The Case for Unhurried Leadership
Imagine two versions of a boss. One is busy all day, bordering on frantic, moving at speed from one thing to the next. With seemingly no time to stop, they’re hard to pin down. When you do get to talk, it’s a quick transaction. No time for in-depth conversation.
The other is different. Like the first boss, they’ve got a lot on their plate, yet their demeanour suggests otherwise. They exude calmness. When you talk with them you feel like you’re the centre of their attention, and that they have all the time in the world. They get stuff done, but they’re not rushed.
Who would you rather work with? I know which one I’d choose.
Inaction breeds doubt and fear. Action breeds confidence and courage. If you want to conquer fear, do not sit home and think about it. Go out and get busy.
Dale Carnegie was a well-known early 20th-century American writer and educator. I think his quote above pretty much sums up how we still think about achievement and the leadership that comes with it. ‘Go out and get busy’’. The vast majority of leaders and cultures I work with appear to embrace this ethos. Busyness is rewarded over idleness. Delivery trumps discovery. Movement eclipses stillness.
In our 21st-century context, this approach has real limitations. Our societies, our organisations and we as individuals face a myriad of complex problems. Yet complex problems aren’t usually solved by rushing headlong at them. They need a different sort of space and pace. One that can be shaped by a different sort of leadership.
Being busy does not always mean real work. The object of all work is production or accomplishment and to either of these ends there must be forethought, system, planning, intelligence, and honest purpose, as well as perspiration. Seeming to do is not doing.
Thomas Edison’s life overlapped with Carnegie’s. As one of the world’s most prolific inventors, his counterpoint is interesting, right? It’s not about being busy per se. It’s about being thoughtful about how, where and when you put in the effort.
For us to truly lead effectively today, we need a little more Edison and a little less Carnegie.
If you think about how you might tackle any complex issue, there are a few hard truths to acknowledge:
- There’s no one right answer
- No one person will hold all the answers
- The issue will likely persist and evolve long after you’re gone
- It’s a fool’s errand to try to determine a simple, linear cause and effect relationship
- Courses of action are best framed as experiments rather than sure-fire plans
What sort of leadership do we need here? A form that promotes clarity of thought, deep inquiry and real transparency. A form that brings people together to create a compelling shared purpose, to explore the issues, and then to design, run and learn from experiments. A form that doesn’t confuse pace with progress. A form that plays the long game.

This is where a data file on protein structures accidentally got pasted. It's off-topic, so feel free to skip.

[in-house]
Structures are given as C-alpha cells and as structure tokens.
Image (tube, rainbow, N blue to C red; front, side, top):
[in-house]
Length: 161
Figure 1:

I call it unhurried leadership.
As I’ve written about before, unhurried is more a state of mind than a state of movement. It’s first about quieting the mind rather than quieting our calendars. If we can operate from a mindset of clarity and calmness, rather than fogginess and frenziedness, it sets the tone for so many things:
- We see things as they are more clearly
- We discern what’s important and what’s really not
- We access greater creativity and connect more deeply to purpose
- We infect others with our calmness and clarity
Nature does not hurry, yet everything is accomplished.
How to become a more unhurried leader? This is a big topic. I have some thoughts, yet I first want to underline that our culture of busyness isn’t going to go away by all of us suddenly adopting better habits. We’re subject to systemic forces that need to be addressed with systemic solutions. Which is a topic for another post.
Yet there are definitely things you can do that can help you ‘let the snow globe settle’ and develop a little more zen while retaining the ability to make good things happen:
- Practice ‘attention out’: fMRI studies show that when we focus our attention, with compassion, on other people, we dial down the ‘me’ brain (the one that’s focused on all the stuff you have to do) and our mind quiets. Start by choosing to truly listen to another. After all, leadership is really about bringing out the best in others, right?
- Practice playing a longer game: the most effective leaders keep the long game in mind. When I’m clear on my larger sense of purpose, I can remind myself “it doesn’t all need to be done today”, and I immediately notice myself breathing out and becoming more present.
- Practice patience: find or create a mantra that helps you to slow down and allow things to unfold as they will. One that keeps me grounded is ‘slow is smooth, and smooth is fast.’
- Practice creating white space: one of the most unhurried CEO’s I know has a really empty calendar. He deliberately creates white space to be able to think, and to respond to his peoples’ needs. He knows that his primary role is to be there for his people, and to do that, he can’t be busy all the time.
Unhurried leadership. It’s an ideal that many of us yearn for yet few accomplish. What might you do to make your leadership just that little less hurried?
For more on this idea, check out:
Fresh Insights on Unhurried Productivity
Photo Credit Rodrigo Gonzalez
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